It is not with a malicious heart that she has decided, there is not an ounce of malice, she is neither vindictive nor does she bear the slightest grudge; is revenge the right word? justice? Never the less, it is the right thing to do, if not only that she was murdered, an extreme, inappropriate punishment for swimming on what seemed like the hottest day of the year. Any horse or person of sound mind would prefer the shade and cooling wafts off the water, to the dusty, loud, crowded, sun baked arena. Who would jump fences when simply sitting makes one sweat? Neither herself nor her horse were inspired by such insanity, she had collected enough metal statues and ribbons to dress the river lining trees in silken blues and gold, tying the fabrics from the twiggy branches and stuffing the small golden riders in the nooks of lost branches or wedging them between some and others, they took sanctuary, remaining in the river until pruned and under these trees until the cool night returned, then they made their way back home, thundering at a record setting gallop through the dark forest and through the long grass meadows and over the tall neighboring fences and stone walls, jumping and riding at the appropriate hour for mid summer, certainly not during the sleeping hours surrounding noon. The frustrated and greedy and fat and perfectly paired man and woman beat her to death, now revenge, or justice, or at least an appropriate and entertaining haunting is due. For her it is logical and story book and humorous and she laughs thinking about it with a good heart, not mean spirited or devious, but spirited and kind of ridiculous and fantastic as well.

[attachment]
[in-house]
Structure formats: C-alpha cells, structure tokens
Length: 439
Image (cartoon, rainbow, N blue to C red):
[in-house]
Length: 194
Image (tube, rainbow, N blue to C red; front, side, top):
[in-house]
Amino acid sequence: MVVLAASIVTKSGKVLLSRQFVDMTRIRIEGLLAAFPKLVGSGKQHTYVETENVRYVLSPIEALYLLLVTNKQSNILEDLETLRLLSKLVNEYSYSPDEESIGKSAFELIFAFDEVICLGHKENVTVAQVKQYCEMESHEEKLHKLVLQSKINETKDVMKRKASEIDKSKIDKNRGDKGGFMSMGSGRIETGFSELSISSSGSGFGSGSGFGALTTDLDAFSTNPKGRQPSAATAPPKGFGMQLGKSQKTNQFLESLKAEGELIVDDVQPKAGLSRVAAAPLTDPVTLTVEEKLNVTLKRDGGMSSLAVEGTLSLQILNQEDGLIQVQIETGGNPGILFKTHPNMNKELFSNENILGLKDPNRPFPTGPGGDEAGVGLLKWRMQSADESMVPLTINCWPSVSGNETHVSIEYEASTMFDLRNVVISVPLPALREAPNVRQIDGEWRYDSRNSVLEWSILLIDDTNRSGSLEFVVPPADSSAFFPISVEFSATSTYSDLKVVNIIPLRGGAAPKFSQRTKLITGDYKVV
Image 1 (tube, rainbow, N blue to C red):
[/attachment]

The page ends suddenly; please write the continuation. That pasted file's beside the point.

For now, it is approaching the sleeping hours, the morning swimming hours are past, her fingers are old ladies, her stomach rumbles, it is the eating hour, that gives the sleeping inspiration. Berries first, raspberries are past, now wine and mulberries, later blueberries, then (now) roots and thistle from the closer meadow, nettle and sweet flag from the waters edge and in. She claws into the harder dirt with a stick and rock and her tough fingers pulling up Queen Anne’s small white carrots; it has been dry for weeks so making a fire is easy, she boils water and cooks off the stingers and softens the roots and stiff greens, she adds dill and thyme and salt that she carries. There are early fruiting apples that she picks from the back of her dear one for herself and for him, which he swallows down in one mouthful and little chewing, she pears and slices each fruit to keep from biting into worms that like the tart shelter. They drink peppermint tea that sat half the day in the sun and the other half in the shaded part of the mountain spring.